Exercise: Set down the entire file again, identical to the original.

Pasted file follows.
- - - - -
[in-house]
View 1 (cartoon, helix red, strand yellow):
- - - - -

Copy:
[in-house]
View 1 (cartoon, helix red, strand yellow):